Better Sleep for Shorter Days

Better Sleep for Shorter Days

Shorter days & higher stress can mean trouble sleeping. Luckily, Phizz friend, lifestyle coach & personal trainer Robbie Thompson has some tricks to help you unlock a major key of wellbeing- a great night of sleep.

Here is his advice for getting ahead this autumn.

One of the simplest and most effective things you can do to upgrade how you look, feel and perform is to improve your sleep. 

Sleep is literally the magic pill that everyone is looking for, yet we fail to utilise it and worse still, we actually deprive ourselves of it.

Ideally, we should all be aiming for 7-9 hours of restful sleep per night. Of course, some don’t have control over sleep schedules due to young children or shift work, but many of us could get more sleep but instead choose to watch another episode on Netflix.

Here’s a scary quote from sleep guru Matthew Walker, “The shorter you sleep, the shorter your life.”

Getting insufficient sleep for prolonged periods of time can have serious implications for your health. But equally, there are endless benefit if you can improve the quality of your sleep including improved memory, enhanced creativity, increased strength and fitness, reduced body fat, strengthened immune system, increased life expectancy, improved mood and ability to handle stress.

Here are 5 simple tips to improve your sleep:

  1. Reduce your caffeine intake after midday
    Caffeine is a fantastic stimulant. That cup of coffee isn’t just delicious, it’s a great way of getting you fired up to take on the day.

    But caffeine has what is called a “half-life” of up to 5-7 hours. This means that if you have a strong coffee at 4 p.m., you may still feel the effects of half of the coffee’s caffeine content at 11 p.m.

    To avoid the risk of affecting your sleep, simply limit your caffeine intake after midday and instead choose water, soft drinks or herbals teas.
  1. Have a routine
    Sticking to a set pattern of going to bed and waking will mean that you find it easier to both fall asleep and wake up. This applies to weekends too!

    By having late nights and lie-ins at weekends, you’re throwing your sleep pattern off every week. This means that come Sunday night, you can’t get to sleep, and on Monday morning, you can’t get up. You’re basically jet lagging yourself.

    Instead, try to keep to a similar routine both throughout the week and at weekends too so your body knows when it’s time to wind down and when it’s time to start the day.
  1. Dim the lights
    Bright lights in the evening are effectively blocking all the signals telling your body it’s time to wind down for bed. Instead, try to use lamps and candles to create a calm, relaxing environment to help you begin to feel sleepy.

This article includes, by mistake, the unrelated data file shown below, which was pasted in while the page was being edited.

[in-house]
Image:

1. Do a brain dump
    If you have a lot on your mind with work or life in general, the moment your head hits the pillow can be when these thoughts start flying around.

    Before bed, take a piece of paper and write down everything that’s on your mind. The tasks you need to follow up tomorrow, the person you forgot to call- get it all written down.

    You’ll be able to get to sleep more easily knowing the to do list is out of your head and you have it written down. Plus, you now have a plan for the next day.

    It’s also worth keeping a pad and pen by your bed in case you wake up with something on your mind. You can simply note it down and go back to sleep.
  1. Get your phone out of your bedroom
    That addictive device of yours that lights up and flashes all day with notifications is extremely stimulating. You don’t want or need this whilst you’re trying to sleep.

    If it’s right next to your bed, you’ll be subconsciously thinking about it and reaching for it more than you should or scrolling through it before you go to sleep when you should be winding down and switching off. Or worse, checking it during the night.

    Get it out of your room so that you aren’t able to do any of this. And trust me, this will be game changing for not just your sleep but your general wellbeing.

    You’ll go to bed and wake up feeling calmer and more in control.

Give these 5 simple tips a try to improve your sleep and see what a huge impact they can make on how you look, feel and perform. 

Robbie is a personal trainer and lifestyle coach based in the U.K. but works with clients all over the world. His techniques go beyond helping his clients look great, and extend to performance, mindset, motivation and lifestyle. Robbie has been a coach since 2008 and has worked with hundreds of clients including celebrities, actresses and TV presenters. He contributed workouts and fitness content for Vicky Pattison’s hugely successful book, “The Real Me.” To hear more from Robbie, follow him on Instagram @robbie__thompson or check out his website www.robbie-thompson.com.